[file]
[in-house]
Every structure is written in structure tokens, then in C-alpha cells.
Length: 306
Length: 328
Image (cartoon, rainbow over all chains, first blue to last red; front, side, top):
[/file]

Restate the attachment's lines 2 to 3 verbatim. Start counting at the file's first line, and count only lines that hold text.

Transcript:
Every structure is written in structure tokens, then in C-alpha cells.
Length: 306